Publication date: 11 May 99 |
Source: THE TAX INSTITUTE
The Taxation Institute of Australia tonight gave a cautious welcome to what National President, Mr Gordon Cooper described as "a good housekeeping budget."
At the same time Mr Cooper expressed surprise that the Budget did not address issues of "unacceptable practices" raised by the Ralph Review of Business Taxation or the Commissioner of Taxation.
These included capital loss creation using a number of companies to multiply economic losses, assignment of leases and debt, the strategic exploitationof the transitional arrangements for the taxation of trusts and certain superannuation arrangements.
Mr Cooper called on Treasurer Peter Costello to clarify John Ralph's suggested introduction of remedial rules to address the avoidance opportunities when he released his discussion paper, A Platform for Consultation, in February this year. The Institute maintains its opposition to retrospective legislation.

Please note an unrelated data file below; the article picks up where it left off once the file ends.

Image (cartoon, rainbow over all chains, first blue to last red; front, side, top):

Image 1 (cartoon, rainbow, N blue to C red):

Mr Cooper said taxation practitioners may be reasonably happy with the Budget's lack of taxation measures -"they are already dealingwith the existing system, with the changes introduced as a result of thetaxation law rewrite program, and the foreshadowed arrangements for aNew Tax System," he said.
Hopefully the lack of tax legislation in the Budget would give the Governmenttime to do something about the serious logjam of tax legislation already before Parliament - some of which dated back two years, he added.
Mr Cooper said one tiny step in the right direction in the Budget involved the replacing of tax concessions for heritage conservation with a grant system.
He said it made sense to remove such tax expenditure from the uncontrolled area of concessions into the controlled area of grants.